|"Vowels"||O C G A T Z 7|
|o e y a ch (c h) j|
|"Consonants"||C 8 D E R H 4 M S 2 P K I N F 0 L Y|
|e d k l r t q iin Sh s p m i in f n x|
(ZL - Eva)
|"Vowels"||o e y a c s n u|
|o e y a C s n u|
|"Consonants"||h d i k l r t q p m f g x b j v z|
|h d i k l r t q p m f g x b j v z|
(ZL - Cuva)
|"Vowels"||O Y A E U F|
|o y a e ee f|
|"Consonants"||D S K L R T H Z M C N P J I G X B Q V|
|d ch k l r t q Sh iin s in p m/z i g x b j v|
For the plain texts, the most obvious 'unexpected' outcome is the listing of h as a vowel in the German text. In general, and depending on settings, either c or h tends to be classified as a vowel. Looking at the plot in detail, one can see that the h (fourth row and fourth column) has very different combinations to the left and to the right. The single dark red square in the fourth row corresponds with the combination ch.
For the Voynich texts, the first thing to note is that, for the FSG transcription, the character e appears both in the vowel and the consonant state. Indeed, the algorithm converged with a 50/50 probability on this character.
Apart from that, as already indicated, the HMM algorithm had trouble converging for the Voynich MS texts. While this will still be investigated further, it can be attributed tentatively to the asymmetry of the plots, that was already observed. Characters tend to make different combinations 'to the left' than 'to the right'.
Despite these problems, the above plots shows the difference between the Voynich MS text and that of a Latin plain text even more clearly.
It was already mentioned in the course of this page, that the Voynich MS text is definitely not a Latin text that has been transcribed using an invented alphabet (simple substitution). However, we should also keep in mind what has been discussed on the previous page, namely that there is a whole tree structure of possible ways in which the Voynich MS text may have been composed. An encoding of a Latin text by simple substitution is just one very specific example, that is based on several different assumptions. For the present purpose we may separate all cases into the following two larger classes:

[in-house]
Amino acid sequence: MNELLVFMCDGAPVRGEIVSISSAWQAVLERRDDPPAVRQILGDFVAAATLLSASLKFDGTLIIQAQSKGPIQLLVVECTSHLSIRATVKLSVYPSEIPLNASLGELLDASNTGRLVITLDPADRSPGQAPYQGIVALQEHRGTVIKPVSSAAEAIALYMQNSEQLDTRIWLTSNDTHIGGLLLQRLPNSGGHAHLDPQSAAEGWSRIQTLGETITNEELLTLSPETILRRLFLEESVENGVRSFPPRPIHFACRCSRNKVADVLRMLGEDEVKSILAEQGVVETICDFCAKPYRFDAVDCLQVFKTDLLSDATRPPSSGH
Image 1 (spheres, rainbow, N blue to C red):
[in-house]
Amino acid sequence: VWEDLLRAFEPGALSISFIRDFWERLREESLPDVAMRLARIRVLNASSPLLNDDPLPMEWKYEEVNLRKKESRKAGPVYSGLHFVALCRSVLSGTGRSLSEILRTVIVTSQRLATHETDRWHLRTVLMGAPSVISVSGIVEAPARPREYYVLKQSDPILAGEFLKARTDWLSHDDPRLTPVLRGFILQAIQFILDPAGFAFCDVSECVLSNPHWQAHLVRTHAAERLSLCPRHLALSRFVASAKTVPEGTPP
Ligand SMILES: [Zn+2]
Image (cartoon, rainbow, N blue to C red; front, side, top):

A small digression follows, just to give an example of a 'process without a plain text'.
An interesting set of experiments in Bennett (see note 1), is what he refers to as "Monkeys" (10). These are Markov processes that generate random texts (as if a monkey was arbitrarily punching on a typewriter), though with pre-defined statistical properties. A "first-order monkey" would generate texts with a predefined character distribution. A "second-order monkey" would generate texts with a pre-defined character pair distribution.
The interesting part of this is that such an automatically generated text would be meaningless, but have exactly the same character distributions as shown in all the above plots. The first-order monkey would generate the plots that appear on the right-hand side of Figures 7 and 9. The second-order monkey would generate the left-hand side of these. As Bennett further illustrates, higher-order monkeys would generate texts that start showing some words in the language that was used to define the statistical properties of the monkey.
It is not realistic to assume that a medieval jokester would have done this. However, it just shows that there is a way to randomly generate text through some 'process', rather than converting a real plain text. If this was done, then the entropies and character distrbibutions we are observing are those of the process, so we would need to look for a process that has these properties. In other words, when experimenting with processes, we can check how close they are to generating these properties.